• CSIR Biomanufacturing Industrial Development Centre (BIDC) www.csir.co.za
  • IsiKhowe Juncao Mushroom Centre (Cedara) Tel: 033 355 9365 / 159 This Centre is part of the campaign to help alleviate poverty and food insecurity in rural KZN.
  • Mushroon Guru www.mushroomguru.co.za
  • Rhodes University Biochemistry and Microbiology Tel: 046 622 3984 J.Dames [at] ru.ac.za
  • Shrooms, based in Newcastle (KZN) sells a mushroom production and business starter pack. They advise clients of different marketing techniques available, and hold seminars on mushroom growing. The starter pack includes an instruction manual. Visit www.ecoafro.com.
  • South African Gourmet Mushroom Academy www.mushroomacademy.com Courses include distance education.
  • The South African National Collection of Fungi, which houses approximately 60 000 specimens, is known nationally and internationally under the acronym PREM. The name PREM is derived from the city in which the collection is situated, Pretoria (PRE), and the M defines the collection as being mycological. The ARC-PPRI is currently the custodian of the collection. For further information contact Dr A Jacobs-Venter jacobsr [at] arc.agric.za.
  • Tshwane University of Technology Department of Biotechnology and Food Technology www.tut.ac.za
  • University of the Free State (i) Department of Plant Sciences www.ufs.ac.za (ii) Dept of Microbiology and Biochemistry www.ufs.ac.za/biotech
  • University of Pretoria Department of Plant and Soil Sciences www.up.ac.za
  • Water Research Council (WRC) www.wrc.org.za The WRC has done studies like using thermal spring water in mushroom farming. Geothermal hot waters heat greenhouses in which mushrooms can be grown. Find details under the “Websites & publications” heading.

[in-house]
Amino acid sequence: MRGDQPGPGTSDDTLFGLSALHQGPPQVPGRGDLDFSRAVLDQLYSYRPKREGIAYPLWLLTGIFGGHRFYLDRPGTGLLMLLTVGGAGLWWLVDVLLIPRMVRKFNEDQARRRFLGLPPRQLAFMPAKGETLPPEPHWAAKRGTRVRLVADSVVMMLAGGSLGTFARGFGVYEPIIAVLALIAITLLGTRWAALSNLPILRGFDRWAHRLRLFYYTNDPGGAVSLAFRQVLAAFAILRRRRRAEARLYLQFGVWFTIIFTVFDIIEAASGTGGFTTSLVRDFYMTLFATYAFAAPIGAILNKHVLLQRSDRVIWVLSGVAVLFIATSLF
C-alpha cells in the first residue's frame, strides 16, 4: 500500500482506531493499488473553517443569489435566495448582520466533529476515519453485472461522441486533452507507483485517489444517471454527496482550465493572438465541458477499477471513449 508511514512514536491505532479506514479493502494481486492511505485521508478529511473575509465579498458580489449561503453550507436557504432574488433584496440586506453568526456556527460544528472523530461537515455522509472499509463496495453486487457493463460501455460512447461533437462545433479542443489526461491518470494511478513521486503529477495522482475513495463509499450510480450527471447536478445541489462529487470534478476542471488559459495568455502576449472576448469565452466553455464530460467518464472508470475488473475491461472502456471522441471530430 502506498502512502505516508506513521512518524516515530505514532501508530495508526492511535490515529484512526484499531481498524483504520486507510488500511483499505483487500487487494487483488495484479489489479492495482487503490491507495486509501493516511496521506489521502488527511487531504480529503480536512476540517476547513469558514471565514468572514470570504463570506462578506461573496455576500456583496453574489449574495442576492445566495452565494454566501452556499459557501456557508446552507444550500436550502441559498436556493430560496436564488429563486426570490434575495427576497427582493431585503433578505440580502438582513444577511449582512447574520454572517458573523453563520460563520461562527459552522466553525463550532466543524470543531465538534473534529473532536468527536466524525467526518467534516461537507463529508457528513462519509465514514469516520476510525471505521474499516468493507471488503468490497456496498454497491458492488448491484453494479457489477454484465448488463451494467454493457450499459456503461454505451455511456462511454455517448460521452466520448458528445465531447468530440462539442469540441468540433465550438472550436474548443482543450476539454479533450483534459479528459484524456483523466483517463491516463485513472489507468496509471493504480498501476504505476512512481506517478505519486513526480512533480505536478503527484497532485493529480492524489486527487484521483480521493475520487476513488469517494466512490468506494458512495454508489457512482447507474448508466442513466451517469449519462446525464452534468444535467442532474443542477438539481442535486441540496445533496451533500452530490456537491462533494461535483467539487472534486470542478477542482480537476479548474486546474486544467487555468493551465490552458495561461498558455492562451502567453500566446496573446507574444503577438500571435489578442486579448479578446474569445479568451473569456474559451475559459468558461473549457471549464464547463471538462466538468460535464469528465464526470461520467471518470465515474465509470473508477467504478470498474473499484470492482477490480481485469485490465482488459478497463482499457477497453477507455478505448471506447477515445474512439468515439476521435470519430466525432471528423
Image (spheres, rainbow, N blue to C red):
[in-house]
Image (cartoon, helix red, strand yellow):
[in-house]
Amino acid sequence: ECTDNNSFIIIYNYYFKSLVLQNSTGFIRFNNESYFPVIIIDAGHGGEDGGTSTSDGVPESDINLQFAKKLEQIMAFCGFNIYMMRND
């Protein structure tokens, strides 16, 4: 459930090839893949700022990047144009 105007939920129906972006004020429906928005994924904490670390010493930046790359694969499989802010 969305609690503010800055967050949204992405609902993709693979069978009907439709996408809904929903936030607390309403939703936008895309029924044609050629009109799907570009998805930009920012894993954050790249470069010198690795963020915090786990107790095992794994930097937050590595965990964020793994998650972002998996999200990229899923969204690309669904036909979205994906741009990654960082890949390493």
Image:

Websites and publications

  • Find the clip on mentorships at Tropical Mushrooms shown on African Features at http://featuresafrica.tv/mushroom-mentorship/.
  • Available from the ARC-Agricultural Engineering (ARC-AE) is the publication “Agro-processing of Olives and Legumes (green peas, green beans, cowpeas, lentils, olives, peanuts, mushrooms)”. Call 012 842 4017 or visit www.arc.agric.za.
  • Publications from the ARC-PPR (Plant Protection Research) include: (i) Mushrooms and Toadstools / Sampioene en Paddastoele (ii) Medically Important Spiders and Scorpions of Southern Africa. Write to booksales [at] arc.agric.za or infopri [at] arc.agric.za.
  • Gryzenhout M. 2021. Pocket Guide Mushrooms of South Africa. Cape Town: Penguin Random House.
  • Gryzenhout M. & Goldman G. 2019. Mushrooms and Other Fungi of South Africa. Cape Town: Random House Struik.
  • Step by Step Guide on growing mushrooms ISBN 978-0-620-42224-6. There is also a three part DVD set. Order at www.ecoafro.com.
  • Find the eBook Mushroom Cultivation Business and Marketing Secrecies by Adriaan Smit and Markus Peter-Erik Janssens at www.mushroomacademy.com. 
  • Find the section on farming mushrooms in the Water Research Commission’s Optimal Utilisation of Thermal Springs in South Africa, WRC Report TT 577/13. These include notes on: making mushroom compost, substrate treatment, seeding, incubation, production, and harvesting. The report looks at using geothermal energy in mushroom farming.
  • Commercial mushroom production in South Africa. Bulletin 418. A Eicker. Department of Botany. University of Pretoria.
  • Find the following publications at www.amazon.com: (i) Gryzenhout, M. 2012. Pocket Guide: Mushrooms of South Africa. (ii) Stamets, P. 2000. Growing Gourmet and Medicinal Mushrooms. Third edition. Also at Amazon are several titles on truffles, including Brown, G., Hall, I.R., Zambonelli, A. 2008. Taming the Truffle.
  • Find the videos on YouTube like “How to Grow Mushrooms” and “How to Grow Truffle Trees”.